This is chapter 7 of Slouching Towards Utopia?. I am of several minds with respect to it. I think it says what really needs to be said. I think it says it all in a remarkably short space—or it says it all to me. But it seems, to me, very different in tone from both the rest of the book I have written and from how this stuff is usually presented...
So tell me what you think of it:
VII. The Knot of War, 1914-1920
Nikita Sergeyevitch Khrushchev to John F. Kennedy (1962):
We and you ought not now to pull on the ends of the rope in which you have tied the knot of war, because the more the two of us pull, the tighter that knot will be tied. And a moment may come when that knot will be tied so tight that even he who tied it will not have the strength to untie it, and then it will be necessary to cut that knot, and what that would mean is not for me to explain to you, because you yourself understand perfectly of what terrible forces our countries dispose…
Two chapters ago we shifted our focus from economics to political economy: we needed to look not just at technology, production, organization, and exchange, but also at how people governing themselves and others tried to regulate the economy to preserve or produce a good society, or a society good for them. One chapter ago we shifted our focus to imperial politics: we needed to look not just at how peoples and their elites governed themselves, but how they governed others. Each of these two shifts brought us away from processes and factors that seem almost inevitable—in which the actions of individuals mostly cancel out, and if an opportunity was not seized by one person at one date it would have been seized by another soon after. Each of these two moved us closer to that part of history where individual actions matter: where individuals and their luck can divert history for good, either because of their place in the society or because of the waves of belief and expectations that they set in motion. And so the history became less a flowering of long-planted seeds and more choice and chance.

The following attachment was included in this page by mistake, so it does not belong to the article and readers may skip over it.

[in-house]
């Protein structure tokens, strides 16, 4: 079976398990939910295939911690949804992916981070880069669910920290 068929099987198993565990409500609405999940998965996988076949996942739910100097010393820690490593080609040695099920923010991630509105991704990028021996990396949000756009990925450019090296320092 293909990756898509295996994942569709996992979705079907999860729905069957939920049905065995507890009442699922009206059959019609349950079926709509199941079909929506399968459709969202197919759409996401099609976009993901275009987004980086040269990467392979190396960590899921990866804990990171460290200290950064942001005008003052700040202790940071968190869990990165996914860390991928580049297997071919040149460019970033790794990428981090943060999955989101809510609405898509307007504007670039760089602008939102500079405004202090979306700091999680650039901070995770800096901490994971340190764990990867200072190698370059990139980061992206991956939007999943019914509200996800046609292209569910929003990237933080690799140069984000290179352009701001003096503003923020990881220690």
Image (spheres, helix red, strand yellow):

This chapter takes a further step in that direction: into politico-military affairs, where choice and chance is dominant. This fits awkwardly into an economic history. But it is necessary. For we cannot understand what the world was like in 1918 without looking at World War I. The world in 1914 had been a growing, substantially peaceful, prosperous—with problems, but prosperous—world, in which it was not irrational to be optimistic about human civilization. The world, especially Europe, in the ashes after World War I was different.